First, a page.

As the coronavirus disease — COVID-19 — continues to take its toll across the world, both human and economic, the question on everyone's mind is "how long before we have a vaccine?".
The coronavirus vaccine research made headlines earlier this month when reports surfaced that United States President Donald Trump allegedly tried to poach German scientists to ensure it would be available exclusively for the US.
German Foreign Minister Heiko Maas, however, assured the world that the rights to the research were not for sale.
While the race for the vaccine continues, experts have estimated that the process of creating a vaccine to making it available can take up to 12-18 months.
Here, we look into what the process entails and which countries are working on finding a cure to the disease that is affecting more than half of the world.
The process of creating a vaccine is complex and time-consuming as it involves several procedures, starting from identifying the genetic sequence and isolating the virus to creating the vaccine and then running human trials. While scientists in China, US, Germany and elsewhere are moving fast on the front, it might still be a while before the vaccine is produced, scaled up and is made available for use by the public.
To shorten the process, some scientists are attempting to find a cure through drugs already in use for other viruses. Others are looking at the headways made in finding vaccines for previous coronaviruses (COVID-19 is just one of the coronaviruses) like Severe Acute Respiratory Syndrome (Sars) — before these projects were shelved as the viruses were controlled — and trying to adapt them for COVID-19.
Vaccine to be ready for ‘emergency use’ in April: China
Chinese health officials earlier in March made an announcement that they were in the process of creating a vaccine that could be ready for use in April, Voice of America reported.
The announcement came as a surprise because experts believe vaccines can take several months before being available for use, considering they need to go through safety and efficacy tests on humans.
“According to our estimates, we are hopeful that in April some of the vaccines will enter clinical research or be of use in emergency situations,” National Health Commission’s Science and Technology Development Center Director Zheng Zhongwei said, without specifying in what situations the vaccine could be used.
According to VOA, Chinese law allows vaccines developed for major public health emergencies to “be deployed for urgent use under specified conditions, if the National Medical Products Administration considers that the benefits of the treatment outweigh the risks".
CanSino Biologics Inc., the co-developer of the vaccine along China’s Academy of Military Medical Sciences, has also confirmed that it has received government approval for human trials and announced that the trials will begin in Wuhan, Bloomberg reported.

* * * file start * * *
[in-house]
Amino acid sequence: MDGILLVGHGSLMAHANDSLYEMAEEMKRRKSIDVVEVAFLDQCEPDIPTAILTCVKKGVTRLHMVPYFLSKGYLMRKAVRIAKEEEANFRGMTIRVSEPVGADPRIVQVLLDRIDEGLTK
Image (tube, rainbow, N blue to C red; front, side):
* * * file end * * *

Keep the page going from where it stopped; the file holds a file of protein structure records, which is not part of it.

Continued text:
Earlier, a study in China, following experiments on monkeys, gave some hope of vaccine as it was found that re-exposure to the virus showed no recurrence of COVID-19.
Successes in the US
Before China’s announcement, the most successful attempt so far was by the National Institute of Allergy and Infectious Diseases' (NIAID) scientists and their collaborators at Moderna Therapeutics, a Boston-based biotech company. Scientists at Moderna took just 42 days after the virus’ genetic sequencing was identified in China because they attempted a new genetic method which does not involve growing huge amounts of virus, which takes months, TIME reported.
In practice, traditional vaccination methods introduce microbes into the body for it to build immunity by producing the right kinds of proteins to fight the virus or bacteria. Moderna’s method is different because its vaccines, rather than containing the virus itself, contain mRNA — the genetic material that creates proteins. In simple terms, the vaccine tells the body which proteins to create to fight the virus rather than introducing the virus and letting the body figure out how to fight it.
This method allows for the vaccines to be scaled up quickly, and if successful, can be helpful in containing not only COVID-19 but all fast-spreading virus and bacteria.
The National institute of Health (NIH) in the US announced that the first volunteer — a healthy 45-year-old woman — “received the investigational vaccine” on March 16. “The open-label trial will enroll 45 healthy adult volunteers ages 18 to 55 years over approximately 6 weeks,” NIH said.
While the trials are humanity’s best hope in fighting the coronavirus disease, not much far behind is another US-based company called Inovio Pharmaceuticals, which aims to begin testing its own vaccine for safety — not efficacy — next month.
Germany’s CureVac, which had reportedly been contacted by Trump administration, is also among prominent companies in the race and is likely to begin safety tests in June. These will be followed by efficacy tests.
Vector Institute in Russia, which had previously worked on the Ebola virus, has also said that laboratory tests of prototypes on animals are going to begin soon and we should expect vaccines to be ready for human testing by June.
Several other companies and organisations across the globe are in the race for developing a vaccine for the virus but even with all the existing and possible breakthroughs, experts suggest that it could take up to a year — or more — before the vaccine is made available for the public.
"When you think about how many people we will want to vaccinate — once we have a vaccine — around the world, we're talking billions, and that's a huge challenge," David Loew, the executive vice president of Sanofi Pasteur, was quoted as saying by AFP.
"We need to ensure the safety. It's going to take 12 to 18 months until you have a registered vaccine on the market."